Glamis, that totally useless solar system around a planet where the
fleet of Kandar orbited in bitter frustration.

Bors got up from his seat to loosen his muscles. He had sat absolutely
tense and effectively motionless for a very long time. He ached. But he
felt a sour sort of satisfaction. For a ship of the _Isis's_ class to
have challenged a battleship to combat, to have deliberately and
insultingly waited for it to choose its own battle-distance, and then to
let it launch its missiles first.... It was no ambush! Bors did not
feel ashamed of this fight. He'd acted according to the instincts of a
fighting man who gives his enemy the chance to use what weapons the
enemy has chosen, and then defeats him.

His second-in-command said, "Sir, the cargo-boat blip is gone. It should
be in overdrive now, sir, heading for Glamis."

"Then we'll follow it," said Bors. Suddenly he realized how his
second-in-command must feel. The landing-party'd seen action--for which
Bors envied them--and he'd felt ashamed because he stayed in the ship in
what he considered safety while they risked their lives. But his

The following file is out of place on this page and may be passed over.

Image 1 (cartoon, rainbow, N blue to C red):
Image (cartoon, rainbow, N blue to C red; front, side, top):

second-in-command had had no share in the achievement at all. Bors had
handled all controls and given all orders, even the routine ones, since
before Tralee.

"I think," said Bors, "I'll have a cup of coffee. Will you take over and
head for Glamis?"

He left the control-room, to let his subordinate handle things for a
time. He'd seated himself in the mess-room when the voice of his
second-in-command came through the speakers.

"_Going into overdrive_," said the voice. "_All steady. Five, four,
three, two--_"

Bors prepared to wince. He put down his coffee cup and held himself
ready for the sickening sensation.

Suddenly there was the rasping, snaring crackling of a high-voltage
spark. There were shouts. There were explosions and the reek of
overheated metal and smoldering insulation. Then the compartment-doors
closed.

When Bors had examined the damage, and the emergency-purifiers had taken
the smoke and smell out of the air, his second-in-command looked
suicidally gloomy.

"It's bad business," said Bors wryly. "Very bad business! But I should
have mentioned it to you. I didn't think of it. I wouldn't have thought
of it if I'd been doing the overdrive business myself."

The second-in-command said bitterly;

"But I knew you'd tried the new low-power overdrive! I knew it!"

"I left it switched in," said Bors, "because I thought we might use it
in the fight with the battleship. But we didn't."

"I should have checked that it was off!" protested his second. "It's my
fault!"

Bors shrugged. Deciding whose fault it was wouldn't repair the damage.